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Definition: switch

(1) A network cross connect. See Ethernet switch.

(2) In programming, a bit or byte used to keep track of some event. The term is sometimes synonymous with the branch command.

(3) In programming, a statement that saves the programmer from having to write multiple compare statements. See event loop.

(4) A modifier of a command. For example, in the Windows/DOS command dir /p the /p is a switch that modifies the Dir command to pause after each screenful. See Dir.

(5) A mechanism that allows each key to be depressed on a keyboard. See mechanical keyboard.

(6) A mechanical or electronic device that directs the flow of electrical or optical signals from one side to the other. Switches with more than two ports, such as a LAN switch or PBX, are able to route traffic.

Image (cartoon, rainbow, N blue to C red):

Not Entirely Intuitive
When a switch is closed, current flows and the light or motor is now "on." When opened, current stops, and the light or motor is off. Although "open" might seem to mean "turn something on," opening a switch turns it off, and vice versa. See transistor, Ethernet switch, softswitch, PBX and data switch.

Mechanical and Semiconductor Switches
The semiconductor transistor performs the same function as a light switch on the wall. The switch is electronically closed by sending a pulse to the trigger. See transistor.

A Manual Switch
This early switch panel from New York Electric Switchboard Company was used to manually open and close electric lines.